Young Farmers: Meet Shane Dolan – Meet the 21-year-old milking 220 cows in Co. Westmeath


Catherina talks to Shane Dolan, a young dairy farmer that expanded his herd rapidly over the past seven years going from 60 cows in 2010 to 220 cows in 2017.

Young Farmers: Meet Shane Dolan – Meet the 21-year-old milking 220 cows in Co. Westmeath

  • ADDED
  • 7 mths ago

Catherina talks to Shane Dolan, a young dairy farmer that expanded his herd rapidly over the past seven years going from 60 cows in 2010 to 220 cows in 2017.

21-year-old Shane Dolan is running a powerful show in Ballinahown, Athlone, Co. Westmeath.

The third-generation farmer of the Dolan family has had the reins of the family-run farm since November 2016 and he is now at the helm of the enterprise, milking 220 cows.

“My father got sick and I decided to run the family farm. It’s a family affair, My Mother, Father, my sister Aoife and her boyfriend Aaron Daly and my brother Cathal all help out. I have a number of students that lend a helping hand too.” Shane told Catherina of That’s Farming.

Living the dairy dream in New Zealand

Shane proves himself as no stranger to the farming circles, which is backed by the tradition that is now spanning generations combined with his impressive educational portfolio. Shane didn’t take a major leap into the farming circles, without learning more about the trade at third-level.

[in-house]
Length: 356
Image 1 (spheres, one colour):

Shane studied a Level-Six in Dairy Herd Management in Gurteen Agricultural College, Co. Tipperary and he secured the Second Runner-Up award in the 2016 Teagasc/ FBD Student of the Year.

“I would definitely consider this as my biggest achievement to date. I was honoured to receive such a major award and all the other competitors were of such a high standard.” Shane said.

Like many young farmers finding their feet in the industry, Shane was also eager to explore Dairy Farming on a grander scale. Nineteen months ago after college, Shane travelled the hop and jump of the Irish sea to New Zealand for the calving and breeding season.

“I went over there to learn more about the industry, while being hopeful that some of the information I obtained could be made applicable to my own farm. It broadened my experience further when it came to handling people and a large number of cattle.” Shane explained.

The first-hand experience that he has attained from working on farms in New Zealand has transformed the enterprise that he is now running on Westmeath soil.

Running a profitable enterprise – Performance is key

The herd has increased rapidly over the last seven years, with 60 cows back in 2010 and 220 now, with performance being the main aim of the game. The Dolan family own 40 hectares and are leasing 132 hectares, with 110 hectares on the milking platform.

Traditionally, Holstein Friesian cows have always dominated the pastures on their holding in Ballinahown, however, the family have expanded their horizons down through the years, by branching into cross-breeding through the use of Norwegian Red genetics. Keen to pursue a new sense of direction, the family have returned to the drawing board and are now running a herd of grass-based low-maintenance Holstein-Cross Jersey cows, in the region of 500kg live-weight.